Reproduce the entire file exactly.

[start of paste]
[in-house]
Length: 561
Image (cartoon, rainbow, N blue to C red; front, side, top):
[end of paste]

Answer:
[in-house]
Length: 561
Image (cartoon, rainbow, N blue to C red; front, side, top):